Dear Umbra,

When changing boilers for heating a house for the next 30 to 40 years, should we choose gas or electric? We have gas now and want to go from 80 percent efficient to 95 percent efficient. About 60 percent of our electricity comes from Missouri River hydro and 40 percent from coal. We have wind, but that is not developed, and will only be a small percentage in the future.

Chuck Berry
Brookings, S.D.

Dearest Chuck,

Grist thanks its sponsors. Become one.

Good for you for wanting to improve your efficiency, and for knowing in such detail where your power comes from.

Summer is certainly the time to think about replacing your old heating system. It’s nice to be able to take the time you need to get bids from various contractors, research the most efficient boilers, drink some lemonade, and wonder whether winter truly exists. This year is a good year to do it, as well, because there are federal tax credits for certain very high-efficiency heating systems.

When considering boilers, think outside the walls.

Grist thanks its sponsors. Become one.

Photo: iStockphoto

For the boiler itself, you’ll want to look at Annual Fuel Utilization Efficiency numbers and talk to reputable local contractors (AFUE is a measurement of the fuel used to heat the house vs. the amount that gets vented out — read about it and boiler shopping in another of my columns). In my area we can get contractor referrals from our gas company, so perhaps you can as well. Cost may make your decision for you. Electric boilers tend to be very efficient — they can have an AFUE of up to 100 percent — but heating with electricity can be expensive. Heat pumps are often recommended as an alternative to electric boilers. The highest AFUE I saw for a gas boiler was 95 (look at the U.S. Energy Star site for a downloadable list).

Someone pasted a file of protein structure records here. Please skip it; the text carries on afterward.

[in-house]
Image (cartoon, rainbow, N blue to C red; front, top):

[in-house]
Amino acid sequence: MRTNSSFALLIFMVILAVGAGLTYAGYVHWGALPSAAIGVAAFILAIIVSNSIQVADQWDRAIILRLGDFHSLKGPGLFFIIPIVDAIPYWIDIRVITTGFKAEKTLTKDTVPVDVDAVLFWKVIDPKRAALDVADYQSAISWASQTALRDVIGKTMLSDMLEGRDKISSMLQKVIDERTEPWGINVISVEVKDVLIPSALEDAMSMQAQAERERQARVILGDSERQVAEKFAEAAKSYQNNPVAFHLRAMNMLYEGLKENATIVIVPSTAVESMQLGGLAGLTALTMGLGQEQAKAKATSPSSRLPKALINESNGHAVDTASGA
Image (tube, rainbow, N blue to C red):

The question of choosing the fuel source for the new boiler is harder for me to answer. I won’t guess at the future status of Missouri River hydro, the upcoming presence of wind in the power mix, and what will happen with coal-fired electricity generation over the coming years. I do think natural gas will become more expensive and less plentiful as fossil-fuel prices rise and gas usage increases.

Let’s take a brief detour to look at how coal and gas stack up as sources of electricity (even though it’s not immediately relevant to your particular situation). Natural gas is cleaner than coal on all fronts. Coal emits 2,249 lbs of CO2 per MWh, while natural gas emits 1,135 lbs per MWh. Even at 40 percent of the mix, coal’s sulfur dioxide (future acid rain) and nitrogen oxide (future smog) emissions will remain higher per MWh over gas. In addition, we have the unknown amount of airborne mercury coming out of your coal plant. As for hydropower, it has not been known for its air emissions, until recent evaluations of the methane released by rotting plants under dammed and slowed rivers. I couldn’t find any numbers on the Missouri, however, so we’ll just have to vaguely consider it.

Hmm. I don’t like the look of your electric choice, and I’m supposed to be giving advice. What I think is that you’ll pencil out the costs, and won’t want to pay for electric heat. If price is a non-issue for whatever reason, see what you can find out about the coal plant producing your electricity. It may have a campaign against it, for example, so you can read all about that, or it may be honored as the country’s cleanest coal plant. Either way, I wager you can learn a bit more about the emissions specifics, and that will further tip the scales one way or the other.


Reader support helps sustain our work. Donate today to keep our climate news free. All donations DOUBLED!